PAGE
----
Tuesday, January 31, 2006

What to read to your kids

Claudia asked for read-aloud recommendations on the very day I found this article in The Guardian: Guardian Unlimited Books | Special Reports | What the top writers say every child should read:

While most of what's here is way too ambitious to read aloud to a five-year-old, I'm intrigued by Philip Pullman's choices. "He did nclude The Rime of the Ancient Mariner among his choices - recalling that it had been a 'mesmerising' experience when a 'wise and far-seeing teacher had, without explaining anything about it, read it aloud to my class when I was about seven'.

Pullman's list has at its heart fairytales, myths and legends as the great stimuli to children's imaginations. Another recommendation, which does not appear on his list, is Kipling's Just So Stories 'for the wonderful rhythms and rhymes and the muscular strength of the language. You don't understand everything as a child but you love the sound of it. Children respond very immediately to the musical rhythmic effects of language.'"

I have never really read poetry to my kids, other than Edward Lear and James Marshall's nonsense stuff. But why not? I'm also intrigued by the Kipling suggestion: I loved the Just-So Stories as a kid, and they seem entirely appropriate for a precocious five-year-old, but you may want to pre-read to check for occasional offensive stereotypes. Or just read them and then talk, which is something we've done a lot as well.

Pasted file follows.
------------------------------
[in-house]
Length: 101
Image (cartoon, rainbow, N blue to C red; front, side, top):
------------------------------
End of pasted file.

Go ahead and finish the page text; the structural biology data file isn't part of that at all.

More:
Read the whole piece, or just scroll to the bottom for the lists. Oh, and Rowling is right: Roald Dahl! (Though, again, some very questionable ideology here and there, like those happily-enslaved Oompah-Loompahs. Sigh.)

4 comments:

Claudia said...

Wonderful! Thanks! Yes, we've read the entire Dahl collection and are working our way through Moomintrolls but these are good. I'm not sure I'd read To Kill a Mockingbird - that might be something for her to read to herself - and savor - when she's a bit older. And, I have some of those old Grimm fairy tales (which can be gruesome) and the color fairy tale books - Pink and so on. They raise interesting questions in her mind that allow discussions about history such as why are there so many stepmothers and why are they so often mean? Thanks Libby.

Becca said...

We listened to a tape of Just So Stories years ago on a long car trip and it was great.

Mrs. Coulter said...

I loved Just So Stories as a kid. I am totally mystified, however, but one of the other authors, who recommended Ulysses as required reading for children...

Libby said...

Ulysses for kids is just too weird. Even high school kids, which is what he means, I think. And yes, To Kill a Mockingbird is a read-to-yourself--too frequently killed, unfortunately, by eighth-grade English teachers.